Historian’s Task: Women Arrive at William and Mary: Using Primary Sources

Grade and Level: United States and Virginia History Grade 8 – 11
Instructional Time: 1 90 minute block, or divided over a series of days. Extension activities included below.
Essential Learning:
  • Skill: Students will practice analyzing primary sources, generalizing main points and organizing information, to create a presentation for their classmates.
  • Content: Students will learn about young women arriving at the College of William and Mary, the effect of World War I on the college and town, and gain a better understanding of people in the past and the process of research.
Essential Question: How can you create a larger understanding from a diverse group of primary sources to understand a historical moment?

Preparation

Classroom Organization: Students in group of 4 - 5 students.
Materials and Resources:
  • Printed Copies of Each Groups’ Primary Sources – Placed in a folder (Teacher Tip: Place primary sources in plastic sheet protectors – then you can reuse them)
  • Click here for each Group's primary sources - Historian's Task Primary Sources
  • Adequate number of copies of Research Sheet and copy for each student of “Conclusions Catalog”
  • Depending upon your choice of presentation mode: Newsprint and Markers
Documents:
Website for Assignment: Mary Comes to the College with William blog; Description: Mary Comes to the College with William follows the first year women were admitted to the College of William and Mary 90 years later beginning with the endorsement of the proposed legislation by the College's Board of Visitors on February 12, 1918, through the end of the spring term in 1919.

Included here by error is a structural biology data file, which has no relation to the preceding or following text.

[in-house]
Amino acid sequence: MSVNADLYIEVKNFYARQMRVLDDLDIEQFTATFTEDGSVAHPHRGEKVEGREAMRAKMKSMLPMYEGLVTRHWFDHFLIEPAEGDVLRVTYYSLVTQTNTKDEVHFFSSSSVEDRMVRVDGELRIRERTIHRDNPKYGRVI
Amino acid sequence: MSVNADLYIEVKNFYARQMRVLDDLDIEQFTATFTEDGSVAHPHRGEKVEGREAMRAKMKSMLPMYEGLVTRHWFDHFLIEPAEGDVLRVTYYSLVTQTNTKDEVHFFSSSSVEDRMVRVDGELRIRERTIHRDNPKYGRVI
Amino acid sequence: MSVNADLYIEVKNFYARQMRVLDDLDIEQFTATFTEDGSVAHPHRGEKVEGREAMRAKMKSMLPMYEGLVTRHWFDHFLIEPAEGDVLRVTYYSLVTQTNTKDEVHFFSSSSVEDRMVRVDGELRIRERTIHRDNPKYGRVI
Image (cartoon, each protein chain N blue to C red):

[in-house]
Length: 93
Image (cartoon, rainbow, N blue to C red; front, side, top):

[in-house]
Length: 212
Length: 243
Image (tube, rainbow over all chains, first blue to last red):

Please Note: This guide was created in February 2009 as entries were still being added to the blog. Later entries may be just as interesting or salient to your class, so please explore the blog to find other primary sources and information for your classes!
Alternative: Students may complete this activity using the computer.

Standards, Benchmarks and Indicators Objectives

**National Standards for History**
Standard 2: The student comprehends a variety of historical sources.
Standard 3: The student engages in historical analysis and interpretation.
Era 7: The Emergence of Modern America (1890 - 1930)
3A The student understands social tensions and their consequences in the postwar era.
9-12 Analyze how the emergence of the "New Woman" challenged Victorian values [Examine the influence of ideas].
3C The student understands how new cultural movements reflected and changed American society.
9-12 Specify and evaluate the extension of secondary education to new segments of American society.

**Virginia Standards, Benchmarks and Indicators**
Era 5, Topic 3: The student will demonstrate knowledge of the emerging role of the United States in world affairs and key domestic events after 1890 by 9.3 Performance Indicators D. Analyze how the emergence of the “New Woman” challenged Victorian values.

Procedure

1. Begin this assignment with a brief review/ presentation on primary and secondary sources. Suggestion: Free Write - List Primary Sources that a future historian might find from the student's life, or create two lists of examples of primary and secondary sources.
Remember: To explain the difference between primary and secondary sources, ask students when historians might use each type of source. Introduce the idea of bias in sources, ask students how the speaker, occasion, audience, purpose, subject, or tone might change the meaning of the document.

2. Give students an overview of today's assignment. As historians use primary sources, today each group has a different set of documents relating to the admission of the first women into the College of William and Mary. From these documents, you will create a presentation for your class to teach them about different aspects of American life at the end of World War I.